Reduced herd weighs on production

Published 20 September 17

GB milk production has been running slightly ahead of last year in recent months. However, overall production for the year so far is still slightly behind 2016. By using a combination of data from BCMS, Kingshay and Defra, AHDB is able to look at the key drivers that underlie overall milk volumes.  

GB milk production from Jan to Jul 2017 was 43m litres lower than over the same period last year, after adjusting for the 2016 leap year. Milk yield showed an overall improvement from 2016 to 2017, the reverse of what happened a year earlier. According to Kingshay, the milk yield generated from forage was worse in 2017 than 2016, suggesting that the increase came from an improved yield from concentrates. After a dip in 2016, levels of concentrate use are now back on par with two years ago. It is likely that farmers increased their concentrate use in 2017 as milk prices improved, making their use more financially beneficial.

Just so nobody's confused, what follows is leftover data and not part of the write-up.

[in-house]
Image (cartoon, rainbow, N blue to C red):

In contrast to the improved milk yields, the impact from a reduced herd is estimated to have been larger than last year, and outweighs any gains from yields. Actions were taken to reduce the herd during 2015 and 2016, but it can take some time for the full effects to feed through to production. Although the average herd size from Jan to July 2017 is down on 2016, this reduction is mostly from the beginning of the year; dairy herd numbers have been stabilising in recent months.

With the milk yields showing overall improvement, it is the reduction in the herd size that has been the key driver in keeping production down. While recent volumes are running ahead of last year, it is likely this is being driven by further improved milk yields, with changes in the herd size taking longer to flow through. 

2017.09.21 Production Bridge